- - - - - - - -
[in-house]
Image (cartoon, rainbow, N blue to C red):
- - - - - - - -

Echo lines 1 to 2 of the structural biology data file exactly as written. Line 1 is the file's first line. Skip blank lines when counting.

[in-house]
Image (cartoon, rainbow, N blue to C red):